By the time I left the arts education organization I founded in the early 2010s, I had spent the better part of a decade incorporating a business, writing and negotiating service contracts, and working with creative intellectual property. I enjoyed the nitty-gritty, down-to-details aspect of the law-related work I was doing, and I imagined I’d like to explore the other side of it—as an attorney. I decided to go to law school. On paper, the transition made sense. But once I made my decision, I wasn’t sure what to do next.
When I called my mother to tell her I was pursuing law school, she said, “Oh, good. I’m glad you have a plan.”
I did not feel like I had a plan.
Reading online forums, I had barely scratched the surface of understanding what it meant to be a new law student: according to The Internet, law students typically have the benefit of generations of lawyers laying a well-lit path forward. I didn’t have that. And navigating the experience as a first generation law student can feel like fumbling through a fog. Isolating, confusing, and overwhelming. Whoops, didn’t see that tree branch there. Ope, twisted my ankle. Oh, no—what was that sound? Better keep moving.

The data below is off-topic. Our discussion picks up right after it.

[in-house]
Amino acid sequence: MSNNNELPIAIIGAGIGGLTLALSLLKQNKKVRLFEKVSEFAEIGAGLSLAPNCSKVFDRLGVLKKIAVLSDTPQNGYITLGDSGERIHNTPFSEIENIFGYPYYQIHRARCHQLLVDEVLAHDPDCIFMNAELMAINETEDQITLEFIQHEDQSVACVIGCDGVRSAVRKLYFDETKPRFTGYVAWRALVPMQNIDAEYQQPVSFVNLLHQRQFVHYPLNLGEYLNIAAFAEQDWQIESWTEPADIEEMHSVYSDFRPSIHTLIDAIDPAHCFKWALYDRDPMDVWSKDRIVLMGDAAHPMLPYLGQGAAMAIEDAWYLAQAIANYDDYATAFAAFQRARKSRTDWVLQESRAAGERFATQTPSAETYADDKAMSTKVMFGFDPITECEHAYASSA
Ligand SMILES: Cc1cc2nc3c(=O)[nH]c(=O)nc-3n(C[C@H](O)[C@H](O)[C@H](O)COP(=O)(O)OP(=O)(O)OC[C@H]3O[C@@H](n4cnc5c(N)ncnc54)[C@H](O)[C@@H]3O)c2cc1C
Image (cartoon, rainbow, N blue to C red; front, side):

But there’s good news: As I stumble along my path, I’m learning two important lessons that may help you as you walk yours:
- Even though it feels like as first gens we’re starting out behind others, we’re not. Not really. Preparedness is a spectrum, and our place on it is determined by so much more than what our grandfather did for a living. We’ve all got strengths and weaknesses going in. The fifth-generation law student might not have your grit or study habits or intuition. There are a million data points that establish your place on that spectrum. Don’t count yourself out before you even start just because you’re not the third esquire in your family.
- Stumbling along on a foggy, unpaved path can feel demoralizing, but there are methods that can make your way clearer and brighter.
I can’t promise the fog ever lifts completely. I’m a 0L, just starting law school this fall, so I’m only a short way into my journey. But I can tell you that even as I fumble along now, there have already been folks who point out tree branches and gopher holes in front of me, shout encouragement from somewhere in the darkness, and lend a small flashlight.
And now I can share a bit of that light with you, too.